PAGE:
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Buser, in Rohn, hopes for a “new race”

When Martin Buser arrived into the Rohn checkpoint – at 9:53am Monday morning – he was bringing to fruition a plan that has had many Iditarod observers and fellow mushers scratching their heads.

The four-time champion (alongside fellow musher Matt Failor) rocketed through Iditarod’s early checkpoints (Yentna, Skwentna, Finger Lake, Rainy Pass) before settling down in Rohn, well out in front, to take his mandatory 24-hour layover.

The race rules stipulate that all mushers must rest their team for a full day at one checkpoint (musher’s choice), but typically, few mushers choose a checkpoint as early as Rohn – and few choose to halt their teams with so many of the Iditarod trail’s 1,000 miles still to go.

But listening to the interview (below) with KNOM’s Laureli Kinneen, one imagines the longtime Iditarod veteran is keeping a trick or two up his sleeve; Buser says that taking his 24 early, in Rohn, has been part of his strategy all along – a strategy that he was adamant about keeping relatively secret. What remains to be seen is whether that strategy works.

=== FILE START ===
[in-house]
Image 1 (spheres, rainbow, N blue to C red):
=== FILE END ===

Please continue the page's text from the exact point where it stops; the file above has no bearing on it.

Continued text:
“It’s maybe shaping up to be one of my years,” Buser says. “(It’s my) hope that, when we leave here, it’s like a new race.”

 

Just how the race will be made “new” will depend, of course, on the many days of mushing still to come, but if Buser’s gambit works, the reverberations for later Iditarods could be profound. As the Anchorage Daily News’ Kyle Hopkins notes, some of this year’s competitors are wondering how a Buser victory could change the strategy that mushers take into the race. “If he somehow held on to win, they said, it could change the way people race the Iditarod.”

As of 11am Tuesday morning, the official Iditarod standings have yet to report Martin Buser out of the Rohn checkpoint, even though he would have been eligible to depart more than an hour ago. Iditarod’s GPS tracker seems to confirm that Buser (alongside Matt Failor) has yet to leave Rohn.

Correction: Martin Buser will be eligible to depart Rohn at approximately 12noon Tuesday; his 24-hour layover is appended with slightly more than 2 hours to compensate for his starting differential from Willow on Sunday afternoon.

Buser was the first to leave Willow, at 2:00pm Sunday, placing him 2 hours 10 minutes ahead of the last musher to leave willow, Sonny Lindner. So, while Buser’s 24 hours ended at 9:53am this morning, he won’t be eligible to depart until 2 hours 10 minutes later: 12:03pm, Tuesday.